‘Twas a bit blowy, wasn’t it! I think most boaters felt the same way as us, we saw one hirer and one workboat go past all day.
We were a bit sheltered by the towpath hedge, but an old oak alongside the stern was exposed to the full blast and was shedding bits of tree on a regular basis. Luckily, non bigger than this, but it made us jump when it landed on the roof….
The sheep had the right idea…
…and Meg modelled the “windswept look”.
The rain set in as predicted in the afternoon, but by evening the wind had blown itself out, the sky had cleared and we had a still, cold, starry night.
This morning we had high, grey cloud, but no wind to speak of. With only a couple of miles to go we didn’t rush to get going, moving off at around half past eleven.
Just around the first corner we had to negotiate the bendy bits around Val Hill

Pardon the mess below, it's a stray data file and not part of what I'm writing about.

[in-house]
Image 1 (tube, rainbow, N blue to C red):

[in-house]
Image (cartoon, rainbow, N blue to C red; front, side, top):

Bridge 66, with the canal heading off right immediately afterwards
We were buzzed regularly by helicopters from the south, obviously making up for the lost day yesterday. By the frequency and flight plans I guess they’re from a training base. The nearest airfield is an old RAF field over near Rednal, but I’m not convinced they come from there.
I really do need to clean that camera lens…
A splash of gorse brightens up a grey day.
After a very steady cruise we arrived at Ellesmere, went down the arm and turned to moor up.
Into the Ellesmere Arm
We’ll be here for the weekend, Meg has got an appointment with the vet for her boosters and annual health check first thing on Monday. Then we’ll head down to the meres, to join Bill, Ginny and Gunner, NB Wilver.
Locks 0, miles 2¾